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Loss of human life always hurts, age regardless

by Joe B. Coates

The front page of this week’s paper is one bearing tidings of sadness and hurt, which have dominated  Copiah County news over the past few days.  We do not enjoy in the least bit reporting such news as the loss of human lives, especially the loss of a young child for any reason.  Our duty as your community newspaper would not be fulfilled if we did not, however.

Rarely do we include an obituary on our front page, but the death of one of Copiah County’s favorite figures, favorite personalities is front page news.  Shag Pyron who passed this weekend at age 79, has been an important part of Copiah County business and industry for a long time.  His contributions to those facets of our communities, his faithfulness to his fine family and his eagerness to help others are just some examples of his life, which was well lived.

Each time I saw him–whether here at the office, out getting groceries or filling up his car before driving Mrs.. Carlene to dinner, Shags’s favorite topic of conversation was Mississippi State athletics, and more specifically, MSU football.  He truly loved the Bulldogs–win or lose–and I believe that in his place in heaven a shiny new golden cowbell awaits him on the mantle.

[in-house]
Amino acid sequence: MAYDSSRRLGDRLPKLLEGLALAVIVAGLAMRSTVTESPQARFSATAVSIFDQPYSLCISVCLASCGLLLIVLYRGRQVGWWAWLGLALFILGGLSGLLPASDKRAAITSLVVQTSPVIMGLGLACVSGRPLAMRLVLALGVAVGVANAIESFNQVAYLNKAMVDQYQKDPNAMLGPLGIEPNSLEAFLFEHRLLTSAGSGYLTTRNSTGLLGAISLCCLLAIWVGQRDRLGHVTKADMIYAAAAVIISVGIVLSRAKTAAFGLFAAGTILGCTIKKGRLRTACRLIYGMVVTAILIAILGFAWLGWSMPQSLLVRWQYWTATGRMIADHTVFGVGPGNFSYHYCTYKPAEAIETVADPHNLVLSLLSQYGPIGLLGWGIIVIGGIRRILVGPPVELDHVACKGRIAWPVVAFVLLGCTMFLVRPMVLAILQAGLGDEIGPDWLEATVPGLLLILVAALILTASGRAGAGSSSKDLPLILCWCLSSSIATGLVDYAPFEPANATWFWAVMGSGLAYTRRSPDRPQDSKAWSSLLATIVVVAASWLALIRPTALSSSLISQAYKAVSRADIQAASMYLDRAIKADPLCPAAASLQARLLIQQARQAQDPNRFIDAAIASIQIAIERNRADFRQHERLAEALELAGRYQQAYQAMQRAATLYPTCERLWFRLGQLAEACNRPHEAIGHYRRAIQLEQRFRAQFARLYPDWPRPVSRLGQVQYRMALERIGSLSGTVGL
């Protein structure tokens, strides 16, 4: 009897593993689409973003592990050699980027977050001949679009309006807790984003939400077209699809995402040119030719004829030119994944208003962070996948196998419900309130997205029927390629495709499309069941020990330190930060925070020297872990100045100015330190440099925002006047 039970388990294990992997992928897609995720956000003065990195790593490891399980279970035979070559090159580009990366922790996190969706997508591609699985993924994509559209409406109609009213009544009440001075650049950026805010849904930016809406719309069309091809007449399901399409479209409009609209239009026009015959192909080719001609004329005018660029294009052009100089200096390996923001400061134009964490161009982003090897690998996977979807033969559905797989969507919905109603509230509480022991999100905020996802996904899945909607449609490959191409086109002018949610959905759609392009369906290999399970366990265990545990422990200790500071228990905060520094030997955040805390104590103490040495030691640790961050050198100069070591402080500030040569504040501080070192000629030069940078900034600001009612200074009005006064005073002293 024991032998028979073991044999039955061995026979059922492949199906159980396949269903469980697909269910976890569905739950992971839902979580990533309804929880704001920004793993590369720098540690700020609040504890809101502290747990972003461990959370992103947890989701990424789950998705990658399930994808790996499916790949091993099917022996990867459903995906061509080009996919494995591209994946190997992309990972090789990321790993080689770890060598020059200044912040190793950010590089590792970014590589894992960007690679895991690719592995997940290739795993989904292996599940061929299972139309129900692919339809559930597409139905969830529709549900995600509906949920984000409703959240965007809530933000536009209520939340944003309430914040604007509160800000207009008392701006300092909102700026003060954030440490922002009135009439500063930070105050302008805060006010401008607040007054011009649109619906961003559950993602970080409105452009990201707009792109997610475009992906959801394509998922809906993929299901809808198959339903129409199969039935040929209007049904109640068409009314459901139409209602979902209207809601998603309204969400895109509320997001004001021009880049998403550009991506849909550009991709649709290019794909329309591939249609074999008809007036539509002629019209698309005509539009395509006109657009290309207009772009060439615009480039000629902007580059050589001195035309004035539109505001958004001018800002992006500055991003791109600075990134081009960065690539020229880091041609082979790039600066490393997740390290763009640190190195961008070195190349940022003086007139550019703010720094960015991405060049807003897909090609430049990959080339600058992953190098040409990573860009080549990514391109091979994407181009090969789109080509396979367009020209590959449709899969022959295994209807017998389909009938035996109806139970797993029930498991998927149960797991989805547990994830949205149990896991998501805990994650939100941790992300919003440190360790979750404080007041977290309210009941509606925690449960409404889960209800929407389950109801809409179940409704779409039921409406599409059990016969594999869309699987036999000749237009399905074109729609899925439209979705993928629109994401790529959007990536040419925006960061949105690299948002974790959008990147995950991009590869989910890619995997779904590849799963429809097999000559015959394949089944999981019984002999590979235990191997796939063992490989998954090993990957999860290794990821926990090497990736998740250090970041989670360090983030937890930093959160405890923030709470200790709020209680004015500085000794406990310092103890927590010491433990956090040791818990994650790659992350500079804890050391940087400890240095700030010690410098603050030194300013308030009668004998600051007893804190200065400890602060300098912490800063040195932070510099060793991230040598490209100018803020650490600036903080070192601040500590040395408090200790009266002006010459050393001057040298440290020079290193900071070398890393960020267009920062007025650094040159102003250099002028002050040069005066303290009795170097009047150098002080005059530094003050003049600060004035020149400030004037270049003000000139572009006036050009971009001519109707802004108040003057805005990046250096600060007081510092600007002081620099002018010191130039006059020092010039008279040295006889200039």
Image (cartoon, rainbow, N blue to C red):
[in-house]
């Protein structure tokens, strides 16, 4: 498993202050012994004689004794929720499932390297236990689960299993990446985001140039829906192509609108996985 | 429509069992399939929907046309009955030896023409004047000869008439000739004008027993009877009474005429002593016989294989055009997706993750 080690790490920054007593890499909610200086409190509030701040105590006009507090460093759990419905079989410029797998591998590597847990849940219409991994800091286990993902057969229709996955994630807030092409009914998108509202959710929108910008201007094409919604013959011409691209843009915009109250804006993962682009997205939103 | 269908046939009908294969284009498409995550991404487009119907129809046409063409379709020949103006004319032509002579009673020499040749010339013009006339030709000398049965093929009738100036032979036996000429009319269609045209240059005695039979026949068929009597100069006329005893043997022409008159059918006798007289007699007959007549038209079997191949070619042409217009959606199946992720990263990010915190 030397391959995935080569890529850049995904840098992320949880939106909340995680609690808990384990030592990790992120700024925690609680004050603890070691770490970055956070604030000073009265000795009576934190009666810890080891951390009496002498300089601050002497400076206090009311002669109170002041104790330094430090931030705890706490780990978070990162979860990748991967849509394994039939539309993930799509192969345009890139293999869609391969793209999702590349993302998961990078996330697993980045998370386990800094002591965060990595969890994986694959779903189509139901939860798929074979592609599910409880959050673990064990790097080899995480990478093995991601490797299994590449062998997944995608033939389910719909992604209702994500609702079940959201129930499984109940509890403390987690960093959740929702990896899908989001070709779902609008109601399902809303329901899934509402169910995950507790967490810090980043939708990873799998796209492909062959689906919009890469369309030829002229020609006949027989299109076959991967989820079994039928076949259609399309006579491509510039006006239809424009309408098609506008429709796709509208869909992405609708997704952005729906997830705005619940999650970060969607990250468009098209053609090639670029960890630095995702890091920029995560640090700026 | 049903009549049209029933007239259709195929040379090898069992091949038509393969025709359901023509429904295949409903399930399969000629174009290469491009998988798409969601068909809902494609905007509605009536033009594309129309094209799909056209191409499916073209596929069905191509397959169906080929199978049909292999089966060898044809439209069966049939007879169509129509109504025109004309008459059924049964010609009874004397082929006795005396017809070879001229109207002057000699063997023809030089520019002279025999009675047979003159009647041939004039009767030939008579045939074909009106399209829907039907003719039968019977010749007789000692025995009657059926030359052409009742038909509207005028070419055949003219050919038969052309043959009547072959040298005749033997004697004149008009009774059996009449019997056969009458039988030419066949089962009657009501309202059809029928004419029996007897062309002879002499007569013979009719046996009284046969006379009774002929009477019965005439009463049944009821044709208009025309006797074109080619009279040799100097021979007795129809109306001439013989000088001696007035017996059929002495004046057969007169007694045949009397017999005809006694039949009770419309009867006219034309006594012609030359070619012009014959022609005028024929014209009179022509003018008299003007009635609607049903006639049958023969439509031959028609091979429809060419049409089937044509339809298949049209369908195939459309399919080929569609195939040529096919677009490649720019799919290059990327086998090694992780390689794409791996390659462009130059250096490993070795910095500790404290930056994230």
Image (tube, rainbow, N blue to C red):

Simply put, Shag was a good man, a good friend and a good person to know.  He is already dearly missed.  His family will find strength in each other, in their friends, in their faith and in their memories of  him to carry on.

I did not know eight-year-old Robbie Melton of Georgetown, who died tragically after injuries received from a fire at his home this weekend.  It doesn’t matter–it still hurts.  Robbie is just one year younger than one of my sons and, undoubtedly, was full of vigor, energy and life.   

A letter which notes the inevitable questions of ‘Why him?’ and ‘Why now’ is printed below, expressing in a few words what Robbie’s family is experiencing right now and will be in the future.  One can only imagine what it must be like, and one can never truly understand or even really find the answers to those questions.  Like in the case above, the family of Robbie Melton will eventually carry on by finding strength in each other, in friends, in their faith and in their memories of Robbie’s life.

The loss of a human life–one like Shag’s that was long, fruitful and included many adventures, or one like Robbie’s that was cut off too short, but nonetheless as impactful–always leaves a hole in the souls of those still living.  We counter it by leaning on each other, sharing sweet memories and making our hearts available for those immediately affected.  Life, eventually, goes on, even though the pain exists.

Our hearts go out to these two families.

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